By Justin Seward
Senator Gershaw School students were a part of the more than 165,000 students province wide who participated in the Student Vote on April 15, prior to the provincial election on Tuesday.
Student Vote allows for an authentic learning experiences that enables teachers to bring democracy alive in the classroom and allows students to learn about government and the electoral process, and debate important issues facing the province.
This year’s program included a focus on developing news literacy skills in the digital age, the integration of NewsWire resources, encouraged students to learn how to fact-check online information, assess the credibility of sources and become more critical of consumers of information.
There were 143 students that voted at the school in a mock election format.
Gershaw’s Dacey Timmons, Taylor Verhoeven, Adrianna Dekker and Domonic Wyllie oversaw the process working the polls as the younger students cast their votes.
“Basically we had different groups of kids come and they would get to see what the whole voting thing would be like for when they’re older, said Dekker, who was a poll clerk and she handed out the ballots to the students.
She found there was definitely less pressure because other students would try to suay each other to vote for a certain candidate, but are not quite educated as much on the political platforms at their age.
“Comparing the results,” she said of what interest her in the Student Vote.
“We’re a small town farming community, the NDP was out right away.”
Dacey Timmons was a deputy returning officer who counted all the votes at the end of the day.
“I really didn’t want to screw up counting the numbers,” he said.
“It was a lot of pressure. It actually went by pretty fast. We just tally up what party it was. I was with Liberal, so I only tallied eight votes.”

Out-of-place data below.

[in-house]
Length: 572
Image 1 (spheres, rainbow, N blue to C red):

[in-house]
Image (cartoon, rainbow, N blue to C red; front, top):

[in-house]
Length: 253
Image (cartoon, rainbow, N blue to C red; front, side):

For Wyllie, he was a scrutineer that made sure everyone was in the proper lines and making sure student voters were not talking about which candidate they would be writing an ‘X’ beside.
“Everyone listened really well and they all got idea because they saw where everyone else was going,” he said.
He learned from being around many students that some kids do take the election seriously and have gathered quite a bit of information about the party that either them or their parents liked.
“It was a good thing to do because you got to see what people do around the province (and) how much work they’re putting in,” he said.
“Even for our small town it was quite a bit of work too.”
Taylor Verhoeven was an information officer and made sure students were in their proper ballot areas.
“We learned a lot that your vote counts,” he said.
“If you don’t vote, something is not going to your way.”
Teacher Ali Vos ran the Student Vote and said experiential learning is important for the students because it is something they will remember and move forward with in their learning practices.
“We had excellent participation,” she said.
“The whole purpose of the Student Vote is to encourage students to become familiar with the process and to understand the value of the process so when they are eligible they go out consciously and actively participate as citizens in their community.”
Student Votes were broken down from the school as well as the local riding and all the schools that participated across the province’s totals.
Senator Gershaw’s results included the UCP winning the election at 60. 8 per cent, Alberta Party (25. 2 per cent , NDP- seven per cent, and Liberal Party 5.6 per cent
UCP came out on top at 62.2 per cent. Alberta Party (22.3 per cent), NDP (9.3 per cent), and Liberal Party (6.2 per cent)
UCP (36 per cent-49 per cent), NDP (30 per cent-35 seats), Alberta Party (18 per cent- three seats) and Liberal Party (5 per cent- zero seats).